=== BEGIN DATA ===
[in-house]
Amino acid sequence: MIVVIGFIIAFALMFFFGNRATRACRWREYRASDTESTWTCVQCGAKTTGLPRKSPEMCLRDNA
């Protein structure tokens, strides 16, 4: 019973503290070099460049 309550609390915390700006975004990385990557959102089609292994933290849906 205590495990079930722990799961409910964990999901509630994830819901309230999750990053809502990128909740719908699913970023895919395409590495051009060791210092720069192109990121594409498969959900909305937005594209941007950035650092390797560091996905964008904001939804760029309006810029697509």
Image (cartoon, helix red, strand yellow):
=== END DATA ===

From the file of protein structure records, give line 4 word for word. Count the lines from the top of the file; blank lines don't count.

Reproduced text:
Image (cartoon, helix red, strand yellow):